Leaving ICU for PACU

  1. Hello all! Looking for any thoughts or words of encouragement from some PACU nurses out there.

    I have been working in an ICU for almost 2 years now (1.5 years medsurg prior to that) and have just recently accepted a new position in another hospital in the PACU.But I am just nervous about taking the leap into the great unknown. In my current job I have a good manager and fantastic co-workers. I love the team work and I love flexibility of the schedule with working 12s. BUT…I hate nights. I do rotating nights and days and have been for years and I think it's killing me. While on days I feel fantastic and alive, and while on nights I feel like I am walking around with a sheet over my head. There is really no option to ever not be rotating either…at least not for 30 years.

    I have always thought PACU would be a good fit for me, so this is not just some leap to take anything that offers days. I Like a fast pace and I think I will enjoy not caring for the same patient for 12 hours day after day. The constant meds, bed changes, baths, and charting of ICU are what I don't like. I am nervous about being on call but was assured it isn't that likely to be called in overnight all the time. I also peaked at the schedule and it doesn't seem that people are on call all that much.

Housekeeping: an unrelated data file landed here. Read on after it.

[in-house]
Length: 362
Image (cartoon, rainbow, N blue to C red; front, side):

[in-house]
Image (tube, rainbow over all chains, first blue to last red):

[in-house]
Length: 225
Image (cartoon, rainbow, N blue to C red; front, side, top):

I think I am just afraid of leaving something I am comfortable with (although not entirely a great fit for me). I think PACU will fit me better, but I am having doubts that I imagine have more to do with being faced with a major change. Any words of wisdom? ANyone make a similar switch and not regret it? Or regret it even?

    This is pre-op and post-op PACU and I can work 3 12 hour day shifts or 1 12hr and 3 8hr days. On call nights (although eventually you get only on call days with seniority) 1 weekend about every 6 weeks and a weeknight thrown in there occasionally. 1 on call holiday a year. Oh and 2 more dollars an hour than my current job. Any thoughts would be appreciated!
    •  
  2. 6 Comments

  3. by   Mavrick
    Well, I consider PACU my reward for 20 odd years in ICU. DGMW, I loved ICU but once I was convinced I could handle "anything that come through that door" it started getting tedious. My buds started disappearing and I found them livin' it up in PACU. First time I heard the phrase, "PACU is where burnout ICU nurses go to die" So, 10 years ago I made the switch.